View From the Plaza

Horses for Heroes in New Mexico

Crossed arrows, in many cultures, are symbolic of friendship and unity.  At the Crossed Arrows Ranch, just fourteen miles south of Santa Fe, I recently discovered a special place that fosters both.  The Ranch is home to a unique organization designed specifically for veterans and active military who have sustained physical injuries or combat trauma:  Horses For Heroes – New Mexico, Inc.

Cowboy Up! is the organization’s wellness and skillset improvement program that offers veterans an opportunity to foster healthy relationships with one another, the ranch’s resident horses, and of course, with veteran cowboy and the program’s Executive Director, Rick Iannucci.   Rick, along with Cowboy Up! Director and self-proclaimed “working cowgirl wrangler,” Nancy De Santis, recently guided me around the entirely volunteer operated ranch.

The ranch offers a supportive and calm atmosphere for the men and women who have proudly served our country.   Upon entering the program, veterans begin interacting with the horses; learning first about the amazing animals and how to become their trusted, respected leaders.  Soon thereafter, the veterans become an active part of the ranch, begin working with cattle and discovering the ropes of cowboy life.

Rick and Nancy, along with veterans enrolled in the program, have been hard at work constructing a new bunkhouse from the ground up. Nearly complete, the new structure will offer a comfortable gathering place to share meals, stories, and foster camaraderie.

And camaraderie is what the program is all about.  Recently, Chris Chaisson (pictured below), a Cowboy Up! graduate and instructor was injured in a very serious car accident in Texas; he had to receive emergency surgery to his leg and back.  Everyone involved with the program has rallied behind Chris, offering thoughts and prayers.  In fact, Rick has arranged for a Samaritan Aviation Cessna 210 to fly from Montrose, Colorado to Santa Fe in order to pick up Cowboy Up! Special Forces Medic, Neil Reily.   Reily will fly to the medical center in Dallas, and will offer medical support to Chris on his journey home to New Mexico.  I pray for his safe return and quick recovery.

I’ve been riding since the age of 5 or 6, and understand the intimate relationship between a horse and a rider.  To me, this valuable program underscores the important bonds of friendship.  Hats off to the admirable work being done at Cowboy Up! at the Crossed Arrows Ranch!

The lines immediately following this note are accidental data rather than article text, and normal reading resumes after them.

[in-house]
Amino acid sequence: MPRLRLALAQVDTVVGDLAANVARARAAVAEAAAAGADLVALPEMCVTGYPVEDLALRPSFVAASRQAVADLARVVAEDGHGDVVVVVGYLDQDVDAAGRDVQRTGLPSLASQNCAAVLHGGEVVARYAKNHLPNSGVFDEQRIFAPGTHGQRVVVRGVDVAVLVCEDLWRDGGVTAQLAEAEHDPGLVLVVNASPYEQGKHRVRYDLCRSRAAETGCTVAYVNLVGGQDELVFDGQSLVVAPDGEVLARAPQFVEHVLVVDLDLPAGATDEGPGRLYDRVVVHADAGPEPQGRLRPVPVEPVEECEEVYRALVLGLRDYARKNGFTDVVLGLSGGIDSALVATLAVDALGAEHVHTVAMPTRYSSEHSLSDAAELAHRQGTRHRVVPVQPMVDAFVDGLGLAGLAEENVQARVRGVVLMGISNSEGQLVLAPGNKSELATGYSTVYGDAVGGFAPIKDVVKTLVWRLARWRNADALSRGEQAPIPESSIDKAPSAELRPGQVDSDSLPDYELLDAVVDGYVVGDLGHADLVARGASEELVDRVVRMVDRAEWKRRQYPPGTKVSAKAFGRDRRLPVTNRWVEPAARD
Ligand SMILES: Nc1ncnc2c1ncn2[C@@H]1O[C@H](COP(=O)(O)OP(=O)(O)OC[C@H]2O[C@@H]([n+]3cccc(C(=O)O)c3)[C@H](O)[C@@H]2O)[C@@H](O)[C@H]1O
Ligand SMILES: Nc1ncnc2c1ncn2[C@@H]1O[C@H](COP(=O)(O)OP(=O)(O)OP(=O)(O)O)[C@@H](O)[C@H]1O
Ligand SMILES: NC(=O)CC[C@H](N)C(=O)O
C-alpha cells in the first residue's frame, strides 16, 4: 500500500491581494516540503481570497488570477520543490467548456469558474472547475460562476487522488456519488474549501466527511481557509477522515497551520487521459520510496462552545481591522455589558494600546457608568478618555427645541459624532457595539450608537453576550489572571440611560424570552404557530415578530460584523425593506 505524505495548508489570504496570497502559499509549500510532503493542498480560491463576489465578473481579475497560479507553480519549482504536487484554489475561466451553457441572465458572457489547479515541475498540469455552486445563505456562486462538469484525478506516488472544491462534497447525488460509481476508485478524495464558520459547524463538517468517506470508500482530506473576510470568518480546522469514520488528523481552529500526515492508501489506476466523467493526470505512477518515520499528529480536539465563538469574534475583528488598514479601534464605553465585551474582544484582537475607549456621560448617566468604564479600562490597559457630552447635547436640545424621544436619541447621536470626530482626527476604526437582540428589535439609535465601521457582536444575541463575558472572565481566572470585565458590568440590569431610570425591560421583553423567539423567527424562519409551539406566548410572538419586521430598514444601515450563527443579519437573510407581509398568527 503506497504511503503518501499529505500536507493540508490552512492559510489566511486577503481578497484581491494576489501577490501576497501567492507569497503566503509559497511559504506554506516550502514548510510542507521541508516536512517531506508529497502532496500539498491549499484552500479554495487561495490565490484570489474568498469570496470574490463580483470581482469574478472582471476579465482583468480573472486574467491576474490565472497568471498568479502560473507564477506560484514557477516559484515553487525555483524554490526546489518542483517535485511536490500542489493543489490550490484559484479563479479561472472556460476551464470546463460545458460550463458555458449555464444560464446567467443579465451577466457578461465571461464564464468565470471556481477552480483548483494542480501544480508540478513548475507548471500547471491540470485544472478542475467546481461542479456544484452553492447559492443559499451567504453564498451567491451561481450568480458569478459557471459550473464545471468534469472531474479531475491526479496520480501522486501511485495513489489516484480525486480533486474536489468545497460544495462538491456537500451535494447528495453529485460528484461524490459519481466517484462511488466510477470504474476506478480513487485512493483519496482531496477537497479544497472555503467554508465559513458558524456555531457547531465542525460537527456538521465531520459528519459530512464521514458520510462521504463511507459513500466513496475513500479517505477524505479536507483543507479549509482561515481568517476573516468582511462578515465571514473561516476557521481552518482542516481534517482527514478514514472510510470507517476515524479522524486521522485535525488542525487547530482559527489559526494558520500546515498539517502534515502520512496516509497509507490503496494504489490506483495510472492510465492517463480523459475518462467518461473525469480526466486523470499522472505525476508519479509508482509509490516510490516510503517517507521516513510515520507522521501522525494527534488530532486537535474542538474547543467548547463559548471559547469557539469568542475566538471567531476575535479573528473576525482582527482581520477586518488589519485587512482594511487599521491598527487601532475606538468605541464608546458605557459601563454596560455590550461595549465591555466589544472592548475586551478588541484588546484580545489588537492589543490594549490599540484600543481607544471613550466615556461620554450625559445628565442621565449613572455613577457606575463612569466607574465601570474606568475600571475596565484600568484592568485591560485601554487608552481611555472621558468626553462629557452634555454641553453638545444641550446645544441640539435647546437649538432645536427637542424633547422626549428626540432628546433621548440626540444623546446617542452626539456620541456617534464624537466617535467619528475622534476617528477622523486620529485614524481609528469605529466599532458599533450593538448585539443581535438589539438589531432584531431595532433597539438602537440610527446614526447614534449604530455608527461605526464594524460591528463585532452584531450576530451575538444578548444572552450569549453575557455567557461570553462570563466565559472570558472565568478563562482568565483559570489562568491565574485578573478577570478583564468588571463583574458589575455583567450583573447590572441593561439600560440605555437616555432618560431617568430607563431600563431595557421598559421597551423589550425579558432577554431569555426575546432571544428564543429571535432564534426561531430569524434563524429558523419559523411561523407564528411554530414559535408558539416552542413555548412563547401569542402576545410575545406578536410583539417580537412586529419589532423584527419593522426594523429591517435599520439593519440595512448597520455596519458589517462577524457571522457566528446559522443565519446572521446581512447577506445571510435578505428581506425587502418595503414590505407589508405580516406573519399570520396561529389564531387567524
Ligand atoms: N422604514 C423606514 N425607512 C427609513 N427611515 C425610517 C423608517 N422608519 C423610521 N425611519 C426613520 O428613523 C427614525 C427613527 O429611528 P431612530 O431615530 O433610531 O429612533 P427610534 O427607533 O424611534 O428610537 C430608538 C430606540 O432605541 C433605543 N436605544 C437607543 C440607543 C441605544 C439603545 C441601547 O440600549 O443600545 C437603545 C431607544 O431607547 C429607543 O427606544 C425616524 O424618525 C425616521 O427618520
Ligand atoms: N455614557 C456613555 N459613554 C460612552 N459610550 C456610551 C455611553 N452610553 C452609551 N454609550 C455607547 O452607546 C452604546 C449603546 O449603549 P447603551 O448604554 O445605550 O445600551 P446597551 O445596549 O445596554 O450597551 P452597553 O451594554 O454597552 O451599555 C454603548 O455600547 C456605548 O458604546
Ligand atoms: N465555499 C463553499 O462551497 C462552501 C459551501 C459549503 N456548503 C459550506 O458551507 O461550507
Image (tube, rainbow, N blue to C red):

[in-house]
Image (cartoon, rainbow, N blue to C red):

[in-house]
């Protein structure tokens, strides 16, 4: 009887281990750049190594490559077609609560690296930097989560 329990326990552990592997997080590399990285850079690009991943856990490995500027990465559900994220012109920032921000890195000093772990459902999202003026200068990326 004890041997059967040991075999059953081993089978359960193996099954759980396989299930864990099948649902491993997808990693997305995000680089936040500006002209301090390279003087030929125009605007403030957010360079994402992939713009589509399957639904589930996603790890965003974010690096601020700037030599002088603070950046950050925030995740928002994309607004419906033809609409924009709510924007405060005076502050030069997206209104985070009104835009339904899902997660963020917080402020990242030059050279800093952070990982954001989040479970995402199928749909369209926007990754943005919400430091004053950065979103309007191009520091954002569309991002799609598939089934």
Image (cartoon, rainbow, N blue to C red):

To learn more about Horses For Heroes – New Mexico, Inc., or to attend their annual Christmas Dinner and Dance on November 30, 2012 at La Fonda on the Plaza, click here.

Horses For Heroes – New Mexico, Inc. Executive Director Rick Ianucci, Cowboy Up! Director Nancy De Santis, and La Fonda on the Plaza Chairman of the Board Jennifer Lea Kimball examining the construction of a new bunkhouse at the Crossed Arrows Ranch. (photo by Shawn Murphy)

Construction of a new bunkhouse at Crossed Arrows Ranch. (photo by Shawn Murphy)

Tipi structure. (photo by Shawn Murphy)

Chad Winters Memorial Arena. (photo by Shawn Murphy)

Cowboy Up! Director Nancy De Santis and Chris Chaisson, a program graduate. (photo by Shawn Murphy)

(Pictured left to right) Chris Chaisson, Nancy De Santis, Rick Iannucci. (photo by Shawn Murphy)

(Pictured left to right) Nancy De Santis, Chris Chaisson, Rick Iannucci. (photo by Shawn Murphy)

La Fonda on the Plaza Chairman of the Board, Jennifer Lea Kimball and Cowboy Up! Executive Director, Rick Iannucci. (photo by Shawn Murphy)

Chris Chaisson, Nancy De Santis, Rick Iannucci. (photo by Shawn Murphy)

2 Responses to “Horses for Heroes in New Mexico”

  1. Tricia Penn

    Wonderful facility for the Vets and the horses! So appropriate for Veterans Day this month, also.

  2. Connie Zibin

    Hi nancy,

    I am presently taking EGCM through Melisa and your name came up. I was wondering if we could chat some time about your program? I am thinking of doing something similar in Canada, in a small town in BC where I am presently living. I would love to hear more about what you do with PTSD and how you have found establishing your self doing this work over the time frame you have been practicing. Any insights would be greatly appreciated. Warm regards, Connie


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